In patients with an unstable cervical spine, maintenance of cervical immobilization during tracheal intubation is important. In McGrath videolaryngoscopic intubation, lifting of the blade to raise the epiglottis is needed to visualize the glottis, but in patients with an unstable cervical spine, this can cause cervical spine movement. By contrast, the Optiscope, a rigid video-stylet, does not require raising of the epiglottis during tracheal intubation. We therefore hypothesized that the Optiscope would produce less cervical spine movement than the McGrath videolaryngoscope during tracheal intubation. The aim of this study was to compare the Optiscope with the McGrath videolaryngoscope with respect to cervical spine motion during intubation in patients with simulated cervical immobilization.
The primary outcome of the study was the extent of cervical spine motion at the occiput–C1, C1–C2, and C2–C5 segments. In this randomized crossover study, the cervical spine angle was measured before and during tracheal intubation using either the Optiscope or the McGrath videolaryngoscope in 21 patients with simulated cervical immobilization. Cervical spine motion was defined as the change in angle at each cervical segment during tracheal intubation.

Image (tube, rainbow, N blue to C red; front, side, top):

There was significantly less cervical spine motion at the occiput–C1 segment using the Optiscope rather than the McGrath videolaryngoscope (mean [98.33% CI]: 4.7° [2.4–7.0] vs 10.4° [8.1–12.7]; mean difference [98.33% CI]: −5.7° [−7.5 to −3.9]). There were also fewer cervical spinal motions at the C1–C2 and C2–C5 segments using the Optiscope (mean difference versus the McGrath videolaryngoscope [98.33% CI]: −2.4° [−3.7 to −1.2]) and −3.7° [−5.9 to −1.4], respectively).
The Optiscope produces less cervical spine motion than the McGrath videolaryngoscope during tracheal intubation of patients with simulated cervical immobilization.